Exploring the Social Language Use of Children with Attention-Deficit/Hyperactivity Disorder
Children with ADHD are more likely to experience social difficulties than their typically developing peers. These difficulties have been associated with a number of negative outcomes that can adversely impact on children’s development. Although the exact causes of these social difficulties are unclear, one possible explanation is that social language use may play a role in the social difficulties frequently observed in children with ADHD. The present study examined whether differences in the functional language use of children with ADHD within the context of interpersonal interaction was associated with their social functioning. For this purpose, the participants in the study were fifty-one children (M = 11.82 years) who had been diagnosed with ADHD four years previously and their matched controls. The children were assessed using a number of measures, including parent/teacher ratings and the Linguistic Inquiry and Word Count (LIWC) in their social conversation task with an adult confederate. Analyses found that children in the ADHD group have lower ratings of social functioning and exhibited differences in aspects of their language when compared to their typically developing peers. Hierarchical multiple regressions also found that aspects of language use were related to children’s social functioning, while cross-lagged correlations indicated that the language use of children were related to the language use of adult confederates. These findings demonstrate the association between ADHD and social functioning, and also provide evidence suggesting that language use may play a role in children’s social functioning and also influence the social language use of others.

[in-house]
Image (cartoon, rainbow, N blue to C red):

Advisor: Tripp, Gail; Schaughency, Elizabeth; Murachver, Tamar
Degree Name: Master of Science
Degree Discipline: Psychology
Publisher: University of Otago
Keywords: ADHD; Social; Language; Social functioning; Children; Psychology; LIWC
Research Type: Thesis